·         ISBN-13 ‏ : ‎ 979-8847843287 (International Standard Book Number)

·         ASIN ‏ : ‎ B0BRJ88RJD  (unique stock number for Amazon websites)


And as an ebook for anyone who has the Kindle software on their tablet/phone or a Kindle device 

·         ASIN ‏ : ‎ B0BRQVB1J3 (unique stock number for Amazon websites)

·         Print length ‏ : ‎ 388 pages


How to obtain a copy of the paperback book?


1.     From your local Amazon website

Larger Amazon markets like the US, UK and Germany have their own Print on Demand facility and can print and ship the book very quickly.  In the UK it takes in 1-3 days, a few days longer in EU.

For some Amazon markets, like Canada, it takes a few days longer. For Canada, the books are printed in the US. For Hong Kong Amazon delivers cheaply from the US.

Shipping from an Amazon website to most foreign countries can get expensive.  It is better to use the Book Depository website, when the book gets listed there.

To find the book on your local Amazon site enter

“Game Changer Lloyd Thomas”


Amazon’s product code B0BRJ88RJD


by the book's IBSN 979-8847843287

Direct links to the book for some Amazon sites are below:




Friday, 11 June 2021

Game Changer or Fine Tuning? It depends on severity of Autism


There are so many possible autism interventions discussed in this blog, it clearly is not always easy to know their relative merit.

There are so many people now diagnosed with autism it is no longer such a meaningful term.  The most extreme autism I think I will have to start calling really severe autism.  A scale of 1 to 100 would be much more helpful than the current levels 1, 2 or 3. I suppose Elon Musk and Greta are level 1.

One reader did recent describe the effects of bumetanide in his child as being game changing.  I think it is an excellent description to use.  For our reader Roger, Leucovorin was a game changer.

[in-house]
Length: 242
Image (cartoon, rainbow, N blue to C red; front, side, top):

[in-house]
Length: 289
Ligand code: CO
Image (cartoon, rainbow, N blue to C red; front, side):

Another reader wrote to me to give an update about his three year old

“After 3 months of bumetanide treatment I've seen improvement on his cognition, like, he is now able to finish an apple and take the end to the trash by himself or enter in his room, turn the lights on, take some toy, turn lights off and close the door or eat his lunch by himself. He is smarter now.”

This reader is well on his way to finding the additional elements for his son’s personalized polytherapy and the way he is going about it is likely to yield optimal results. Most of what you need is tucked away in this blog somewhere.  It is a case of who dares wins.

Using my scale of 1 to 100, with Elon and Greta in low single digits and many people referred to at the blog of the US National Council of Severe Autism mainly at 80-100, we can put interventions into a bit more perspective.

It is still far from perfect because most people with really severe autism reach a plateau in development at a very young age.  This matters because as a three year old they do not look/behave so differently to a typical child, but by the time they reach 18 years old, the difference is gigantic.

If you could delay the onset of this developmental plateau for a decade the result would be transformative.  Based on the longitudinal studies to adulthood, it looks like about 80% of severe autism reaches a plateau at the level of a 2-3 year old.  The other 20% continue to learn, but at a slower rate than typical children. 

In the case of the autism which is <10, like Greta and Elon, very small issues can still become very troubling.  There was inevitably bullying at school from mild to severe, there likely was (and still is) anxiety, perhaps an eating disorder, perhaps some self harming or even suicidal thoughts.

If you fine tune the brain a little to reduce anxiety and improve social/emotional responsiveness, you can trim someone’s score from a 15 to a 9 and make them feel much better.  Job done.

For someone with an IQ of 50 (i.e. severe intellectual disability), non-verbal, non-literate, who is sometimes aggressive and exhibits autistic behaviors, you are going to need much more than fine tuning, you need a game changer.  Then you can go on and fine tune things to give further incremental improvement.

One doctor reader did suggest to me that, in effect, five moderately effective interventions might equal one game changer.

In the case of autism that I deal with, the most important step was raising cognitive function, not treating what people consider to be autism.  I think that this applies to almost all people with a score 50 to 100.  Even if it was never actually diagnosed, the barrier to progress is low cognitive function and a severely reduced ability to learn and acquire new skills.  This has to be fixed and for many people the tools already exist.